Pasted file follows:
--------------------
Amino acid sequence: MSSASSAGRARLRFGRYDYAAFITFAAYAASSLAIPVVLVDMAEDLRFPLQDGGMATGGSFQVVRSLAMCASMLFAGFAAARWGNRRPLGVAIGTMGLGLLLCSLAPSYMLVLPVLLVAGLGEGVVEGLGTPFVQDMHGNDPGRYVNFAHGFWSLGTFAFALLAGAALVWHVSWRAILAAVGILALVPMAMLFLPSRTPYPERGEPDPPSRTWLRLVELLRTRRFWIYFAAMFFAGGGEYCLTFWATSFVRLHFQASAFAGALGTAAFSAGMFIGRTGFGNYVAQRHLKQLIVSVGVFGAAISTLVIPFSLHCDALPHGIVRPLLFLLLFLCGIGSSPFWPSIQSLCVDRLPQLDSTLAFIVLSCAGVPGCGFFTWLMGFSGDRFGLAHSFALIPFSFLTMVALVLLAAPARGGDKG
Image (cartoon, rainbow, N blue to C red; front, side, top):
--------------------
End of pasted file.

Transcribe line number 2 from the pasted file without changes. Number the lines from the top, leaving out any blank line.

Image (cartoon, rainbow, N blue to C red; front, side, top):